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Amazon Relational Database Service
User Guide (API Version 2014-10-31)

Stopping an Amazon RDS DB Instance Temporarily

If you use a DB instance intermittently, for temporary testing, or for a daily development activity, you can stop your Amazon RDS DB instance temporarily to save money. While your DB instance is stopped, you are charged for provisioned storage (including Provisioned IOPS) and backup storage (including manual snapshots and automated backups within your specified retention window), but not for DB instance hours. For more information, see Billing FAQs.

You can stop and start DB instances that are running the following engines: MariaDB, Microsoft SQL Server, MySQL, Oracle, and PostgreSQL. Stopping and starting a DB instance is supported for all DB instance classes, and in all AWS Regions.

When you stop a DB instance, the DB instance performs a normal shutdown and stops running. The status of the DB instance changes to stopping and then stopped. Any storage volumes remain attached to the DB instance, and their data is kept. Any data stored in the RAM of the DB instance is deleted. Amazon RDS automatically backs up a stopped DB instance.

You can stop a DB instance for up to seven days. If you do not manually start your DB instance after seven days, your DB instance is automatically started.

Benefits

Stopping and starting a DB instance is faster than creating a DB snapshot, and then restoring the snapshot.

When you stop a DB instance it retains its ID, Domain Name Server (DNS) endpoint, parameter group, security group, and option group. When you start a DB instance, it has the same configuration as when you stopped it. In addition, if you stop a DB instance, Amazon RDS retains the Amazon Simple Storage Service (Amazon S3) transaction logs so you can do a point-in-time restore if necessary.

Limitations

The following are some limitations to stopping and starting a DB instance:

  • You can't stop a DB instance that has a Read Replica, or that is a Read Replica.

  • You can't stop a DB instance that is in a Multi-AZ deployment.

  • You can't stop a DB instance that uses Microsoft SQL Server Mirroring.

  • You can't modify a stopped DB instance.

  • You can't delete an option group that is associated with a stopped DB instance.

  • You can't delete a DB parameter group that is associated with a stopped DB instance.

Option and Parameter Group Considerations

You can't remove persistent options (including permanent options) from an option group if there are DB instances associated with that option group. This functionality is also true of any DB instance with a state of stopping, stopped, or starting.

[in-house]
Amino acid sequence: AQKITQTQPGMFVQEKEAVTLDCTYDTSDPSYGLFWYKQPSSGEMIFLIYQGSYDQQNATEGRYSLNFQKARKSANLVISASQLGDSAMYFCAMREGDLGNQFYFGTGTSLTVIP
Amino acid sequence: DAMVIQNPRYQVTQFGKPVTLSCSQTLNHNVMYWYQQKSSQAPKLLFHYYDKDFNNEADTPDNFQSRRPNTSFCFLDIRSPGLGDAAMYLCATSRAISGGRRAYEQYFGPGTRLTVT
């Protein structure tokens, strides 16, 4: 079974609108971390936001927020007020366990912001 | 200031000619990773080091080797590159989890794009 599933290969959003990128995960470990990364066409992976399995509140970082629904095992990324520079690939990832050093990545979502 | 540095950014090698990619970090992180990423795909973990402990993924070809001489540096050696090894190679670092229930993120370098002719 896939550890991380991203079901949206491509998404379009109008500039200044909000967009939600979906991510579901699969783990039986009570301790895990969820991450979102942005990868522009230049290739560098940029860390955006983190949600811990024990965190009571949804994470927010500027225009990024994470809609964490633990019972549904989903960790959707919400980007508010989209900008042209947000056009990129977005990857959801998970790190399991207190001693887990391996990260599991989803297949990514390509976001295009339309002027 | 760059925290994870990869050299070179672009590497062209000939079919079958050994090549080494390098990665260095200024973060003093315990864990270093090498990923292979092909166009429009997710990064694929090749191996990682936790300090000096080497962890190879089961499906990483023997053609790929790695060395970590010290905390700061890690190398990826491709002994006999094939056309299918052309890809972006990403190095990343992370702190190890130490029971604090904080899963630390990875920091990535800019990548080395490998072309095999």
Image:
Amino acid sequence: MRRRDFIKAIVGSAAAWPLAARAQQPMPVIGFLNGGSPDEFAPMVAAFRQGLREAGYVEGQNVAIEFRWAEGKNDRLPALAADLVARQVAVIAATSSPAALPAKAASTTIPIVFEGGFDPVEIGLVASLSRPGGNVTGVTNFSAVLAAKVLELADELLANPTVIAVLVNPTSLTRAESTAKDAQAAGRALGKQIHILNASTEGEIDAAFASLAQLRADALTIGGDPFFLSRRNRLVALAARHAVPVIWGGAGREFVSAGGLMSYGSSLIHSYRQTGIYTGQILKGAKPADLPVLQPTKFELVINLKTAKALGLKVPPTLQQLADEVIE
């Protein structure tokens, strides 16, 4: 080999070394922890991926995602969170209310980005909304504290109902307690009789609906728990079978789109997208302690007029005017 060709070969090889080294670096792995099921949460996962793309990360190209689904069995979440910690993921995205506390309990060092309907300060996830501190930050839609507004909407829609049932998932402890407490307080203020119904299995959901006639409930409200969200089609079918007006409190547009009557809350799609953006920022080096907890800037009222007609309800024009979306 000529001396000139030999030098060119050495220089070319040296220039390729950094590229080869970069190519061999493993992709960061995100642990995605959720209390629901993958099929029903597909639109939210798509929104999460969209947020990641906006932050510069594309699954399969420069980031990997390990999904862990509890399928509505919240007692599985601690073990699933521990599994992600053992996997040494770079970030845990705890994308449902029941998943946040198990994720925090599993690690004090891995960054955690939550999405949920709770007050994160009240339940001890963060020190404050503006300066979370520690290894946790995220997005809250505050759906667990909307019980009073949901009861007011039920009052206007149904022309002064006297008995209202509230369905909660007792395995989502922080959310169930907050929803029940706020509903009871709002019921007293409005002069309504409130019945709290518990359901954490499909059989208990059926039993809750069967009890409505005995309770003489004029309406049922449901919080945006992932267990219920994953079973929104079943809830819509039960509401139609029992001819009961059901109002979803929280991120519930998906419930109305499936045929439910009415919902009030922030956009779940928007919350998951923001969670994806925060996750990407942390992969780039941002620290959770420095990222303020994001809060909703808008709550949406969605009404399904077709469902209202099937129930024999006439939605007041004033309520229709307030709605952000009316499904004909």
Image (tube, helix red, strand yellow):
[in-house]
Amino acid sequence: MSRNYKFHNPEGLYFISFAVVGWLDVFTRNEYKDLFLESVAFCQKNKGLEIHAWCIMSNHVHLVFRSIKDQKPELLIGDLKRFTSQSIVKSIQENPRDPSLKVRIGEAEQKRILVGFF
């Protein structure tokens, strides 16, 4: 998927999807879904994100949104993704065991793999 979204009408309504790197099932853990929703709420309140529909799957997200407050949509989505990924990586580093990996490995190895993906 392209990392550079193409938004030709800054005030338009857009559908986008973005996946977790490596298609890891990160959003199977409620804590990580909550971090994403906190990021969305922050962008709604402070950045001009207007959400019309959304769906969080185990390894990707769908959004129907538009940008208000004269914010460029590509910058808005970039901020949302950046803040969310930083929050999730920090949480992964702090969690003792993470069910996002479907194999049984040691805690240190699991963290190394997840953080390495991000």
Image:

You can change the option group or DB parameter group that is associated with a stopped DB instance, but the change does not occur until the next time you start the DB instance. If you chose to apply changes immediately, the change occurs when you start the DB instance. Otherwise the changes occurs during the next maintenance window after you start the DB instance.

VPC Considerations

When you stop a DB instance it retains its DNS endpoint. If you stop a DB instance that is not in an Amazon Virtual Private Cloud (Amazon VPC), Amazon RDS releases the IP addresses of the DB instance. If you stop a DB instance that is in a VPC, the DB instance retains its IP addresses.

Note

You should always connect to a DB instance using the DNS endpoint, not the IP address.

AWS Management Console

To stop a DB instance

  1. Sign in to the AWS Management Console and open the Amazon RDS console at https://console.aws.amazon.com/rds/.

  2. In the navigation pane, choose DB Instances, and then select the DB instance that you want to modify.

  3. Choose Instance Actions, and then choose Stop.

  4. Choose Continue.

CLI

To stop a DB instance by using the AWS CLI, call the stop-db-instance command with the following parameters:

  • --db-instance-identifier – the name of the db instance.

Example

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stop-db-instance --db-instance-identifier mydbinstance

API

To stop a DB instance by using the Amazon RDS API, call the StopDBInstance action with the following parameters:

  • DBInstanceIdentifier – the name of the db instance.

Example

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https://rds.amazonaws.com/ ?Action=StopDBInstance &DBInstanceIdentifier=mydbinstance &SignatureMethod=HmacSHA256 &SignatureVersion=4 &Version=2014-10-31 &X-Amz-Algorithm=AWS4-HMAC-SHA256 &X-Amz-Credential=AKIADQKE4SARGYLE/20131016/us-west-1/rds/aws4_request &X-Amz-Date=20131016T233051Z &X-Amz-SignedHeaders=content-type;host;user-agent;x-amz-content-sha256;x-amz-date &X-Amz-Signature=087a8eb41cb1ab5f99e81575f23e73757ffc6a1e42d7d2b30b9cc0be988cff97

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